The tagline for August: Osage County, John Wells’ film adaptation of Tracy Letts’ 2008 Pulitzer Prize winning play, reads, “Misery loves family.” It’s a deliciously sinister statement, one that represents the core of what makes the story work, for just as misery loves family, we – the audience and viewer – love watching misery love family. There’s just something addictively chilling about seeing families turn on each other, seeing loved ones sink their teeth into one another with digs and jabs that cut through the heart like a newly sharpened blade. It’s for this very reason the great Edward Albee and Tennessee Williams were such painfully pleasing writers. What’s more cruelly satisfying than watching Martha and George tear each other to shreds in Who’s Afraid Of Virginia Woolf? Or seeing Blanche DuBois emotionally poison the Kowalski’s in A Streetcar Named Desire? Like these playwrights, Letts exposes the festering wounds families love to cut open in August: Osage County, and while the film looses a lot of what makes the play one of contemporary theater’s most masterful dark comedies, it still is home to a fierce ensemble spouting verbal fireworks, and that alone makes a twisted recipe for entertainment.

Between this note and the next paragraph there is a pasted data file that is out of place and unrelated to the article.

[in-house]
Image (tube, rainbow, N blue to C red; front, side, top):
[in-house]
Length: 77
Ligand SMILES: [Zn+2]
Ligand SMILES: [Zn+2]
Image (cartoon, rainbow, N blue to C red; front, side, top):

Adapted by Letts himself, the film focuses on the Weston clan, a family of disconnected daughters, uncles, aunts, and cousins who find themselves under the same roof after the disappearance of the family patriarch, Beverly (an infectiously humble Sam Shepard in just one scene). His wife is the blistering Violet (Meryl Streep), a pill-popping monster with throat cancer who rattles of truthful opinions like shotgun bullets that implode on impact. Violet’s tough love has clearly rattled the lives of her three daughters and their ability to have relationships. Ivy (Julianne Nicholson) is stuck home attending to her mother and seemingly can’t find a man. Karen (Juliette Nicholson) has been married and divorced more times than she can remember and her latest catch (Dermot Mulroney) is no keeper. And Barbara, as the trailer already spoils, is divorcing her cheating husband (Ewan McGregor), much to the trouble of their spunky daughter (Abigail Breslin). Even Violet’s sister, Mattie Fae (Margo Martindale), is showing strains in her marriage to Charles (Chris Cooper) and in her relationship with her son, Little Charles (Benedict Cumberbatch). Worst of all, Barbara’s divorce is the least of the family’s shocking secrets, and as one atom bomb drops after the next, the family caves in on itself in a pool of pain and despair. Clearly, we’re far, far away from happy go-lucky family film territory.